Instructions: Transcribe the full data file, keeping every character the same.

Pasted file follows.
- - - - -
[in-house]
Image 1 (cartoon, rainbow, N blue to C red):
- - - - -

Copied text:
[in-house]
Image 1 (cartoon, rainbow, N blue to C red):